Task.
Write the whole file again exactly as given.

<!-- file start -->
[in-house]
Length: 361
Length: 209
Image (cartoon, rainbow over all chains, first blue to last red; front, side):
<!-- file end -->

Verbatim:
[in-house]
Length: 361
Length: 209
Image (cartoon, rainbow over all chains, first blue to last red; front, side):